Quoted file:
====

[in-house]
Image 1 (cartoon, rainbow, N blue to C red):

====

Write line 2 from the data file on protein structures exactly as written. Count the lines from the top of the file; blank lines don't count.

Image 1 (cartoon, rainbow, N blue to C red):